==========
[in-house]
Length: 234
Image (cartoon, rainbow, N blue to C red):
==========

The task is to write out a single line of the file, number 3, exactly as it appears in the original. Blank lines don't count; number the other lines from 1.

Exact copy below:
Image (cartoon, rainbow, N blue to C red):